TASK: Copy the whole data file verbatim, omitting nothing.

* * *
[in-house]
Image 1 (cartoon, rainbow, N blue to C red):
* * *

[in-house]
Image 1 (cartoon, rainbow, N blue to C red):